Is AI really the job destroyer it has been pegged to be? Perhaps, but maybe that doesn’t have to be a bad thing.
At Startup Grind Global Conference, Google Cloud’s chief AI scientist, Dr. Fei-Fei Li, discussed artificial intelligence as part of a keynote chat. Naturally the discussion of AI as a job destroyer came up, and she shared some of her thoughts based on her experience with the AI world.
In doing so, she makes a strong counterargument to the notion that artificial intelligence will permanently cripple the job market due to decreased demand for human labor.
She starts by pointing out that automation technology can create new jobs in certain cases. For example, she notes that after ATMs were implemented at banks, the number of teller jobs increased.
The reason for this, according to Dr. Li, is that “humans have a tendency to create more, different jobs, to make the service better, to make the product better, to reach deeper into the needs of consumers.”
To use bank tellers as an example she points out their focus on “higher-level” tasks; instead of processing checks, they can turn their attention to creative problem solving and challenges that require empathy and social awareness to overcome.
To follow up on that, Dr. Li uses this rational to challenge the notion that the job market is a zero-sum game. Instead, she says AI will grow the size of the proverbial pie, and that the challenge is to understand where it grows to point people in the direction of their slice.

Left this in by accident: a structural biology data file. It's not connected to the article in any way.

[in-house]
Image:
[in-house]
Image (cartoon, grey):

Still, she does acknowledge that for this to happen, democratization of AI technology is essential. She opens her remarks by noting that her goal in working with Google Cloud was to contribute to that democracy of AI. The cloud, “is one of the biggest computer systems mankind has ever built,” to the point where more and more people can access it.
By creating this level of commonplace access, and by encouraging people to utilize these opportunities, the world can make a significant difference in how to assimilate AI without alienating people from the workforce.
Based on these remarks, Dr. Li touches on a common thread that will determine how AI will impact human society and jobs, and that thread is empathy. Through democratization, education and a focus on valuing the human elements of work, AI’s disruption doesn’t have to be destructive.
This story was first published in October of 2017.